Learn about the characteristics, habitat, and the role in nature of ants. 


The Adventures of Mr. Ant by Lloyd Shores 

Sweet stories of an ant’s mild adventures. 


Ants are Farmers and Other Strange Facts by Gary Sprott 

Learn surprising facts about ants. 


Ants by Sophie Lockwood

Part of the World of Insects Series

More about species of ants and their characteristics and activities.


Anthony Ant by Linda Dennis 

He is noble and he is an ant. 


Anthony and the Ants by Gemma Raynor 

Things start going wrong with the arrival of ants, but turn out alright in the end. 


Common Critters: the Wildlife in Your Neighborhood by Pat Brisson 

Learn about the usual creatures (including ants), that live and thrive in your backyard or neighborhood.


Explore more ant books for children on Overdrive/Libby and hoopla. Now you can also request print copies of children’s ant books for Curbside Pickup. And, for even more facts about ants, visit the Abbot Public Library’s Gale Elementary database!

It Is SO Hot!

Phew! It is so hot! Below are books for both younger and older children describing hot summer weather and heat waves. What to do when it is hot, why it is hot, and how to stay safe are some of the topics explored.

* All descriptions are from the publishers

Disaster Zone: Heat Waves by Vanessa Black (also available as a Read-Along ebook)

Part of the Disaster Zones Series

In Heat Waves, early fluent readers learn about the conditions that lead to and result from catastrophic heat waves. Vibrant, full-color photos and carefully leveled text will engage young readers as they learn about the deadliest heat waves and how to stay safe in heat wave conditions.

An infographic illustrates how a heat wave forms, and an activity offers kids an opportunity to extend discovery. Children can learn more about heat waves using our safe search engine that provides relevant, age-appropriate websites. Heat Waves also features reading tips for teachers and parents, a table of contents, a glossary, and an index.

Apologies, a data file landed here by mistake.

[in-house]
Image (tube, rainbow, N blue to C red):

Weather in Summer by Maddie Spalding

Part of the Welcome, Summer! Series

Engage readers with the story of weather in summer. Readers are introduced to the ways that Earth changes in the summertime. Additional features include a table of contents, a phonetic glossary, an index, an introduction to the author, and sources for further research. A kid-friendly project inspires creativity and hands-on fun.

On a Hot Day by Donna Herweck Rice

Part of the My Words Readers Series

Sprinklers, sunglasses, lemonade, and ice cream. These are all things that we use when it’s hot out! Perfect for 1st grade students, this book teaches these 7 high-frequency words from Fry’s First 100 words list: who, can, use, some, on, this, and day. The short sentences and clear images support the text to help with memorization. The rebus pictures and simple text build grade 1 reading comprehension in a format that is appealing to children. Beginning readers will learn the essential sight words and gain confidence as they learn to read independently.

Adapting to Severe Heat Waves by Tamra B. Orr

Part of the Science to the Rescue: Adapting to Climate Change Series

Like a row of dominoes, persistent and repetitive heat waves also threaten the environment, exacerbate current climate-related problems, stress a country’s health system, damage its infrastructure, and strain its energy resources. Readers examine efforts, including drought and heat-resistant energy-efficient “smart” homes and buildings, green roof gardens, next-generation building materials, and alternative energy sources as well as technologically advanced climate modeling, weather prediction, and emergency warning systems. Also highlighted are governmental efforts that can be made to alleviate human suffering, including energy conservation initiatives, the opening of public shelters and cooling centers, and the organizing of neighborhood watch programs for heat-vulnerable residents. Most importantly, readers learn how they can learn to reduce their carbon footprint while also coping with increasing heat and remaining healthy.